Entrepreneurship Unit

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Entrepreneurshiphas grown to be one of the most popular terminologies in business andmanagement circles. Several outstanding individuals in the world ofbusiness such as Steve Jobs, Jack Ma and Bill Gates have been toutedas some of the most successful entrepreneurs in modern times.Apparently, all these men founded multibillion dollar companies andthemselves are worth billions. This has created the impression thatentrepreneurs are persons with million dollar ideas who have made itbig in the world with their start-ups. Well, that impression iswrong. There are millions of entrepreneurs in employment makingchange in their own ways. By working in management, individuals withentrepreneurial minds get an opportunity to employ organizationalresources to serve customer needs in a creative way. The functionalareas that entrepreneurs in management can apply their skills includeaccounting, management systems, finance, marketing, industryanalysis, and sales among others. Therefore, this paper seeks toaddress all the pertinent issues in entrepreneurship that informs andprepares managers to be competent in exercising their entrepreneurialskills with Apple Inc. used as a case study.

I.What is entrepreneurship

Ideally,there is no standard definition of the term entrepreneurship. Thedefinition of the entrepreneur is one of the most important andequally challenging tasks in understanding entrepreneurship asrevealed by several management and business related literature.Nonetheless, from the functional aspect of an entrepreneur,entrepreneurship is defined as the process of discovering innovativeways of combining resources in such a way that the market valuegenerated by this new combination of resources is of greater valueand utility than the market value of the constituent resources eitherindividually or in some other combinations. In simple terms,entrepreneurship is the ability to utilize ideas and availableresources to develop innovative products and services in a mannerthat their value is utilized optimally. With such variations in theperceived meaning of the term, it is necessary to dig deeper into thehistory of the term entrepreneur.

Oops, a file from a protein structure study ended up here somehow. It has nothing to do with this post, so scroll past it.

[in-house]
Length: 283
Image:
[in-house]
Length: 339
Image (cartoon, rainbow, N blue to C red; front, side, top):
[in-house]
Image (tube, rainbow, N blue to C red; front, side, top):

Examiningthe history of the term entrepreneurship brings in a seconddefinitional approach. The word entrepreneur itself originates from athirteenth-century French verb, entreprendre, meaning “to dosomething” or “to undertake.” Richard Cantillon first appliedthe term in business circles in 1730 in reference to “those who arewilling to buy at a certain price and sell at an uncertain price”(cited in Baum, Freese &amp Aron 2006, p. 6). In short,entrepreneurs are people who are willing to undertaker a businessrisk in whatever field. Accordingly, there have developed severaltheories of entrepreneurship that fall in the fields of economics,management, sociology, anthropology, and psychology (Simpeh, 2011).Each of these fields also defines entrepreneurship differently as thepaper will further elucidate later.

Anotherdifferentiating factor in defining entrepreneurship as opposed to thefields pertains to the level of risk involved. This is in addition tothe level of involvement in a business as articulated by John StuartMill. To Mill, an entrepreneur assumes both the risk and themanagement of a business and the French term entreprendre hasno equivalent to in English and the practice requires “no ordinaryskill” (Schumpeter 1942). In this manner, Mill provided a clearerdistinction between an entrepreneur and other business owners (suchas shareholders of a corporation) who assume financial risk but donot actively participate in the day-to-day operations or managementof the firm. This calls into question why managers working inorganizations should be branded as entrepreneurs assuming they assumevery little risks in terms of resources compared to investors.

Thesixth approach to defining entrepreneurship was developed by Austrianeconomist Joseph Schumpeter (1942). To him, entrepreneurs wereinnovators and their innovations can be classified into fourcategories:

  • new products

  • new production methods

  • new markets

  • new forms of organization

AlthoughSchumpeter’s categorization of functions of entrepreneurship waswidely used, he held a view that did not support business innovationthat much. Alongside other scholars of his time such as Chandler(1977), Galbraith (1967), he managed to convince a generation ofeconomists, intellectuals and policy makers that smallentrepreneurial start-ups have no cannot compete effectively againstof large corporations. He argued that inefficiencies of smallbusinesses juxtaposed against the economics of scale enjoyed by largecorporations would obviously reveal that small businesses are boundto fail. Today, empirical evidence has profoundly discredited theviews of these early scholars. Global technology firms such asGoogle, Facebook and Dell have all had very humble beginnings. Infact, Dell Computers, which struck a $24.4 billion dollar leveragedbuyout in early 2013 was started in a college dorm, same way asFacebook. Apple Inc, one of the most valuable companies in the worldby market capitalization also had humble beginnings but hasexperienced exponential growth over the years as shown in fig. 1.However, the seemingly minute enterprises have grown to be globalgiants despite competition from other larger players.